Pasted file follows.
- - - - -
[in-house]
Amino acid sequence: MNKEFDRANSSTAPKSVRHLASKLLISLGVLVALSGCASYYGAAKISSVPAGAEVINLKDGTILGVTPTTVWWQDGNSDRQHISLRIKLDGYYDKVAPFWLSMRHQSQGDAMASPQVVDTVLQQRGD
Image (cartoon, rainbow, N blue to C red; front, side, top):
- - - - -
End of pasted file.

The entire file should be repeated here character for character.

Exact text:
[in-house]
Amino acid sequence: MNKEFDRANSSTAPKSVRHLASKLLISLGVLVALSGCASYYGAAKISSVPAGAEVINLKDGTILGVTPTTVWWQDGNSDRQHISLRIKLDGYYDKVAPFWLSMRHQSQGDAMASPQVVDTVLQQRGD
Image (cartoon, rainbow, N blue to C red; front, side, top):